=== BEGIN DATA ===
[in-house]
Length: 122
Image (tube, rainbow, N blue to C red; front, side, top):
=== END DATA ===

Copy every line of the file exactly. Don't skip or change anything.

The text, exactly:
[in-house]
Length: 122
Image (tube, rainbow, N blue to C red; front, side, top):